In conclusion, it may be best to avoid soldering gold-filled altogether. Consider construction alternatives in your design. Gold-filled is ideal for assembly, stamping and riveting. If you choose to solder, we encourage you to always add a plating finish for quality. Or, communicate clear expectations to your customers about discoloration issues and piece longevity.
Additional Information about Gold-Filled
Unfortunately, gold-filled items cannot be cast, so there is a limit on what findings are available. Casting requires the metals to be melted during the process, which would destroy the layered product so instead, sheet, tubing, and wire are used to manufacture gold-filled items.
Sanding and filing
You can never sand or file a gold-filled item. Sanding and filing will remove the metal and if you attempt this with a gold-filled item, you are removing the gold alloy layer. Removing that gold alloy changes the 5% total weight of your piece, so you can no longer legally call it gold-filled. Similarly, you should avoid diamond cutting, engraving or polishing with other abrasives.
Do not pierce without plating. When you pierce a gold-filled item you are exposing the jeweler's brass in the center of the hole that you have drilled. Over time that brass will tarnish and stand out. The only way to fix that exposed brass is to plate the entire piece. That solid gold plating can help keep the brass from tarnishing, however, it may not last long especially if the hole has a jump ring through it which will rub the plating down.
To remove fingerprints or grease from your gold-filled items, use a child's soft toothbrush with a mild soap. This quick polish should have it looking like new again but, you can also try ultrasonic baths and soft polishing cloths as long as the chemicals used are gold-filled friendly and the cloth is non-abrasive.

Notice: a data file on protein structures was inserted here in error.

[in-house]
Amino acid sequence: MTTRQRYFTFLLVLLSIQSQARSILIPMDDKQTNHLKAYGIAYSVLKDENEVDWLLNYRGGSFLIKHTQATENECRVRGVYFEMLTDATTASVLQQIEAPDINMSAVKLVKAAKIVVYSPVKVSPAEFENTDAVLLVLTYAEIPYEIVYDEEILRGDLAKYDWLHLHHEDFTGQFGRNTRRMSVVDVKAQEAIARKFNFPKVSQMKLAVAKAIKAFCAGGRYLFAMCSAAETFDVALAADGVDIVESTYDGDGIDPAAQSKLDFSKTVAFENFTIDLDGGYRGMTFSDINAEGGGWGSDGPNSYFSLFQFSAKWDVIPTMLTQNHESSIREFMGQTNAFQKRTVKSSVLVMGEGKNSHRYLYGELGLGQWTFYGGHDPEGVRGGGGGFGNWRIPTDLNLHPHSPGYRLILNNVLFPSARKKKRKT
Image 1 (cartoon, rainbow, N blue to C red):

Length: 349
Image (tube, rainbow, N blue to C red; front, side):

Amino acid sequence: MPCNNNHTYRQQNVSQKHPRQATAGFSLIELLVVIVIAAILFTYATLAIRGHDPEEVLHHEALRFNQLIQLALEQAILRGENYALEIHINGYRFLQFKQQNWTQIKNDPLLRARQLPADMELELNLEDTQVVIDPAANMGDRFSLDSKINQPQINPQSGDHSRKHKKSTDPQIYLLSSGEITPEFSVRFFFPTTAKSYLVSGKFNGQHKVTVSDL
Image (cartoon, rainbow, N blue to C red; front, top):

Has this article changed your opinion about gold-filled items? If so, how?
Gold-Filled 101 Video
In this video, Hilary Halstead-Scott discusses "what is gold-filled?", which includes gold alloys, gold-filled limitations, and the construction of gold-filled materials.
Additional Gold-Filled Articles:
Halstead is one of North America's leading distributors of jewelry supplies. The firm is celebrating its 46th anniversary this year. Halstead specializes in wholesale findings, chain, and metals for jewelry artists.
Got questions? Email our studio coordinator Erica Stice at firstname.lastname@example.org. We'd love to hear from you. Sorry, studio support is not available by phone. Emails only, please.
Questions & Answers
Q: Hi Erica, Thank you for the explanation. I bought some gold-filled ear studs recently (because I have a metal allergy, I, unfortunately, don't know against what, but gold and silver work fine). I reacted to the ear studs and when I took them out after a day, I noticed that the solder that connected the stud to the earring was discolored, now I'm wondering if that is exactly the problem described: That the inner metal was exposed there.